I recently finished reading The Power of Habit: Why We Do What We Do in Life and Business by Charles Duhigg and found it quite interesting and best of all, motivating. Duhigg shares research and stories to support his theory that bad habits can be stopped and good habits can be started with just a few insights.
I have always struggles with the curse of having big ideas, but not necessarily the motivation to stick with the change needed to implement and follow through. The concepts in The Power of Habit simplify the process of creating habits to accomplish just about anything in your personal or business life.
“As people strengthened their willpower muscles in one part of their lives– in the gym, or a money management program–that strength spilled over into what they ate or how hard they worked. Once willpower became stronger, it touched everything.”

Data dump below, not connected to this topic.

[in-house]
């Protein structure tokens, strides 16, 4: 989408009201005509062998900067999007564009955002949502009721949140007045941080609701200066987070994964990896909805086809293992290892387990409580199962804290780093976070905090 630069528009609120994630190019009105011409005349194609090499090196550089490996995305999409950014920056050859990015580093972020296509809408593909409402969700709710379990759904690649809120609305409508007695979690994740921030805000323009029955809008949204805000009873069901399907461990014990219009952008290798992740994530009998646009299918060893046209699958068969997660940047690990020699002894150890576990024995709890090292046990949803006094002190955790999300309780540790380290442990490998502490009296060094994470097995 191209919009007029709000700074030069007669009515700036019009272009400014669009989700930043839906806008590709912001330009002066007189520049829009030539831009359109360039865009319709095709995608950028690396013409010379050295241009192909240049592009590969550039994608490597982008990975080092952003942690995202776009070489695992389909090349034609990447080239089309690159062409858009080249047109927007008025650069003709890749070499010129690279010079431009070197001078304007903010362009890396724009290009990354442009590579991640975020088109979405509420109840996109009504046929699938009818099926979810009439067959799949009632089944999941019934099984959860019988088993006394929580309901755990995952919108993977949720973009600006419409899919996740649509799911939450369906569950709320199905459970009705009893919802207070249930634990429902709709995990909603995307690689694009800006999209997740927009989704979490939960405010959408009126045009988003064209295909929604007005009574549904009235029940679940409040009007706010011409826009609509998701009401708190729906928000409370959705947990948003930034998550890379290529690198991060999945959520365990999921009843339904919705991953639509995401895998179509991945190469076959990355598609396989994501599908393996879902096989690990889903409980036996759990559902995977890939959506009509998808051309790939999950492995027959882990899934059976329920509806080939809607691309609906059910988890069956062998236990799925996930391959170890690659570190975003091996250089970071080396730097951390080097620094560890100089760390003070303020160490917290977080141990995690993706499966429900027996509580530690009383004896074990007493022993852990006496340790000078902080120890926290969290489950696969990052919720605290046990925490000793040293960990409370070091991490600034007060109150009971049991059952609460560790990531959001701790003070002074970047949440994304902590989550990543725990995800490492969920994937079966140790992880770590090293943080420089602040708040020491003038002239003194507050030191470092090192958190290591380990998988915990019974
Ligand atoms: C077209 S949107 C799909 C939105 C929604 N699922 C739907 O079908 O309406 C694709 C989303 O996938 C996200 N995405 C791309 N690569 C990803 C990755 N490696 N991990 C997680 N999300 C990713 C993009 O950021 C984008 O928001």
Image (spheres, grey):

“Self-discipline predicted academic performance more robustly than did IQ. Self-discipline also predicted which students would improve their grades over the course of the school year, whereas IQ did not.… Self-discipline has a bigger effect on academic performance than does intellectual talent.”
My favorite part was when he identified the steps to creating a habit. So simple!
- Create a trigger
- The action of the habit
- The reward